5 Signs You Haven’t Been In Japan Very Long
By Michael Gakuran
On May 22, 2014
A slight twist on the good old ‘You Know You’ve Been in Japan Too Long If…’ I thought I’d take a stab at identifying a few of the uniquely Japanese traits that not only become part of one’s repertoire after living here for a reasonable amount of time, but also are quite crucial to living a fulfilling life here!
1) You don’t bow when talking on the phone.
This is one of the most common items to make lists such as these, but I really think it hints at much deeper psychological changes in a person. Although perhaps a large part of it is merely mimicry and habit-forming, it also tells a lot about how a person has allowed those culture cues to become part of them.
In essence, (unintentional) bowing shows respect, which in turn necessitates a change in mindset and shift towards a more humble nature; a trait shown by the majority of Japanese people. Doing this unconsciously over the phone just exemplifies how deeply that mindset and habit has penetrated!
2) You receive gifts willingly.
Not that it’s a bad thing! But gift-giving in Japan is a reciprocal thing. If you receive a present, it’s thought of that you are every so slightly indebted to that person, so repaying them in some way in the future is the right thing to do. Scenarios might include moving into a new apartment or receiving some freshly grown vegetables from the little old lady down the street.
It’s all part of the beautiful community atmosphere fostered in the country, but at the same time can be frustrating, sometimes leading to an endless cycle of gift-giving. But perhaps that’s the mastery of it all…
3) You shrug off a cold.
Even the slightest hint of a cold is taken seriously in Japan, and many other minor ailments for that matter. The idea that you might be wasting your valuable doctor’s time is not entertained, and the done thing is to receive ample medicine to quickly relive your symptoms and have you back on your feet. Part of the psychology lies in not wanting to inconvenience others by spreading the virus, as well as the lost labour time and other sacrifices.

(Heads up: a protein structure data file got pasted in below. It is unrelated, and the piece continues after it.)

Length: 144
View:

So while self-healing is possible, it’s usually seen as preferable to see the Doc and speed up your recovery. That goes for taking annual flu injections and other vaccinations as part of ‘company policy’.
4) You jaywalk.
Not everyone adheres to this rule. Not everyone in Japan is humble either. But, by and large, most people respect the rules that bind and hold society together, even if it’s as trivial as a red pedestrian crossing light on a sleepy backroad in the countryside without a car in sight. It’s just not to be questioned.
Subtle nanny-state rules like this permeate the country, and the willingness to blindly follow them does to some extent signify an assimilation into the culture. Good? Bad? That’s a whole other discussion. But just for the record, I still jaywalk.
5) You still notice the quirky aspects of the culture.
Okay, this one is rather sneaky. I question whether any foreigner could move to Japan and assimilate to such an extent that nothing surprises them anymore, but perhaps that’s a question for those much older than me can comment on. What is obvious however, is how desensitised I’ve become to everyday occurrences that used to cause me to react.
Convenience store bread and vending machines on every corner are the norm now! Cute mascot characters to inform me about any and all aspects of life? Yes please! It’s rare that I’m ever truly shocked by something anymore, but that’s a pleasant feeling. Although I can’t deny, the honeymoon stage of visiting Japan was a lot of fun!
What aspects of Japanese society of culture have you found to become part of your own daily habits?
I’m curious specifically about lifestyle changes and ways of thinking that have changed to become more in tune with Japanese society since you’ve moved here. Let me know in the comments!